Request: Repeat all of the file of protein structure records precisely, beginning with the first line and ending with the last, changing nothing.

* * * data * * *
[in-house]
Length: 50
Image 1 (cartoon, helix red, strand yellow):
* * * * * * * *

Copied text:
[in-house]
Length: 50
Image 1 (cartoon, helix red, strand yellow):